See Polo.

Marco Polo #1

Marco Polo, a Venetian traveller, born about 1254, died about 1324. His father Nicole and his uncle Maffeo sailed shortly before Marco's birth on a trading voyage to Constantinople, there exchanged their merchandise for jewels, crossed the Black sea to the Crimea, and travelled overland to Bokhara, where they passed several years. Thence they went to Cathay, where Kublai Khan treated them with great honor, and intrusted them with an embassy to the pope. Beaching Italy after 19 years' absence, they found the papal chair vacant, and after waiting two years for a new pontiff to be chosen, they set out for the East again in 1271, accompanied by Marco. They passed through Palestine, and at Ptolemais (St. Jean d'Acre) met the newly elected pope, Gregory X., who gave them presents and letters for the khan. Traversing the northern part of Persia, they journeyed by the city of Balkh and visited many parts of Tartary; but as they followed no direct track, it is impossible to describe their route. In Badakhshan Marco fell sick, and the party were detained a year.

Resuming their journey toward the northeast, they proceeded to Kashgar, Yarkand, and Khoten, and reached the city of Lop or Lok on the borders of a great desert of the same name (the desert of Gobi). Crossing this desert, they arrived at Shatchen in Tangut, travelled to the city of Karakorum, and when in 1275 they came within 40 clays' journey of Cambalu (probably Peking), the capital of Cathay, they were met by an escort and conducted to the imperial city. The khan appointed Marco to an office about his person, and subsequently despatched him on embassies to neighboring chiefs, which he conducted with such prudence that he rapidly rose to higher distinctions. The northern provinces of China, eastern Thibet, the city of Lassa, and the province of Khorasan were successively visited by Marco, who generally found the khan's favor a passport to the most secret and sacred places. In southern China he saw tke capital Kinsai, with its vast parks, gardens, market places, and open spaces, which is probably the modern town of Hangchow. For three years Marco filled the office of governor of a large city in this part of the empire, and his father and uncle had meanwhile made themselves useful to the khan by instructing him how to make catapults and by other services; so that when the three Venetians asked leave to revisit their native country Kublai at first refused, but finally dismissed them loaded with wealth and promising to return.

They accompanied a Persian embassy which had just obtained the daughter of Kublai Khan for their king, and, being unable on account of war to travel by land, sailed in a fleet of 14 ships of four masts. They touched at Borneo, Sumatra, the Nicobar and Andaman islands, Ceylon, and the Carnatic, proceeded up the Persian gulf, landed the princess (1292), and were magnificently entertained by the government for nine months. They then went by land through Kurdistan and Mingrelia to Tre-bizond on the Black sea, and taking ship arrived at Venice in 1295. Bronzed by the sun, dressed like Tartars, and speaking their native language with difficulty, it was long before they could persuade their friends of their identity. To convince them, they invited all their old associates to a magnificent entertainment, and received them in gorgeous oriental dresses of crimson satin. Putting these off after the guests were seated, they appeared handsomely clad in crimson damask, which was exchanged after the first course for rich suits of crimson velvet. At the end of dinner they were seen in the ordinary garb of the time, and the discarded dresses were divided among the guests.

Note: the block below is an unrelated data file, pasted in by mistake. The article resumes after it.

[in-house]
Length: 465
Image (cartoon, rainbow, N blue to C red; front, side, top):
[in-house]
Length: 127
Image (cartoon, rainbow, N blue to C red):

When the cloth was removed Marco exhibited the coarse Tartar garments which they had worn on their travels, and ripping them open took out a profusion of jewels. They were now overwhelmed with distinctions, and received every mark of respect except having all their stories believed. Even on his deathbed Marco was urged to retract his alleged falsehoods; but he solemnly reaffirmed all his statements, and there is now no doubt that he spoke substantially the truth. He was the first to make known to Europeans the existence of Japan. Maffeo became one of the principal magistrates of Venice. Marco was put in command of a galley in the fleet sent against the Genoese, off the coast of Dalmatia, was wounded in the ensuing engagement and carried prisoner to Genoa, and after four or five years' detention was liberated and returned to Venice, where he married and had two daughters. During his captivity he dictated to a fellow prisoner the account of his travels, which was finished in 1298. It was probably written and first published in French, and translated into Latin during Marco's lifetime; but it is impossible to determine which of the several discrepant texts in French, Italian, and Latin deserves the name of original.

The French and Latin were published by the Paris society of geography in 1824, and the French, after three inedited manuscripts in the national library at Paris, with explanatory notes and commentary, by Guillaume Pauthier, in 1865 (2 vols, large 8vo). The work has appeared repeatedly in all the principal European languages. One of the best English versions is Marsden's, published with notes and commentaries in Bohn's "Antiquarian Library." The latest English version is "Book of the Kingdom and Marvels of the East," new translation and notes by Col. H. Yule (2 vols. 8vo, London, 1871; revised ed., much enlarged, 1875).